Texts: Georges de Durand, Marc le Moine. Traités I. SC 445, and Marc le Moine. Traités II. SC 455.

38. St Basil the Great — On Social Justice
Translation, Introduction, Commentary: C. Paul Schroeder; foreword: Gregory P. Yova
Works: To the Rich, I Will Tear Down My Barns, In Time of Famine and Drought, Against Those Who Lend at Interest; Appendix: The Pseudo-Basilian Homily On Mercy and Justice
Texts: Yves Courtonne, ed. and trans. Saint Basile: Homélies sur la richesse: edition critique et exégetique (Paris: Firmin-Didot, 1935); PG 31.

Posted in Patristics | 11 Comments

And this…

…is my first post from my brand new 17″ MacBook Pro.

Some say I’ve gone to the Dark Side.

I say I’ve finally seen the Light!

Posted in Administrivia | 14 Comments

Some more book notes

I have received a copy of The Philokalia: A Second Volume of Selected Readings, the continuation of the translation of Constantine Cavarnos. As in the case of the previous volume, the translation style is lucid and yet solid. The texts included come from the first, second, and fifth volumes of the Greek Philokalia. The texts included here are:

St Mark the Ascetic: Epistle to Nicholas the Monk (the translation of the brief biography of this Saint, which was written by St Nikodemos, is included in the first volume of Dr Cavarnos’ translations)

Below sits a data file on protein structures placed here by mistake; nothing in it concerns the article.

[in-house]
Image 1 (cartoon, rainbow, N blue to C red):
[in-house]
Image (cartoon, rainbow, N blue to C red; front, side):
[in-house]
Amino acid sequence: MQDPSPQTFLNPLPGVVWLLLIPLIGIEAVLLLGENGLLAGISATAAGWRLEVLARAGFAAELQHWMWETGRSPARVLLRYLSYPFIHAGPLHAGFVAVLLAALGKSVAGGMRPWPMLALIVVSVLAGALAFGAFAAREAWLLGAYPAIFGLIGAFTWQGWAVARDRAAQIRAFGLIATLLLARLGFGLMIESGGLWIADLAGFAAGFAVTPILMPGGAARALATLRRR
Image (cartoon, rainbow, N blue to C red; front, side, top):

St Neilos the Ascetic: Brief biography; One Hundred and Fifty-Three Sections Concerning Prayer; Ascetical Discourse
St Theodore of Edessa: Brief biography; One Hundred Exceedingly Edifying Texts; Theoretikon
Abba Philemon: Brief biography; An Exceedingly Profitable Discourse Concerning Abba Philemon
Philotheos of Sinai: Brief biography; Forty Texts on Inner Watchfulness
Elias Ekdikos: Brief biography; Gnomic Anthology; Texts of Spiritual Wisdom
St Symeon of Thessaloniki: On the Holy and Deifying Prayer; That All Christians Ought to Pray in the Name of Jesus Christ
Anonymous Saint: A Wonderful Discourse Concerning the Words of the Divine Prayer “Lord Jesus Christ, Son of God, Have Mercy Upon Me”; An Interpretation of “Lord, Have Mercy”
St Symeon the New Theologian: A Discourse Concerning Faith and Teaching; A Discourse on the Three Modes of Prayer
St Gregory the Sinaite: On How Each Should Say the Jesus Prayer; From the Life of Maximos Kapsokalyves
St Gregory Palamas: From the Life of St Gregory Palamas: That All Christians in General Ought to Pray Unceasingly